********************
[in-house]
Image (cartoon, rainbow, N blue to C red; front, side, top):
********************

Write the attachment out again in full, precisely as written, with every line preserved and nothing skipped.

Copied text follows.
[in-house]
Image (cartoon, rainbow, N blue to C red; front, side, top):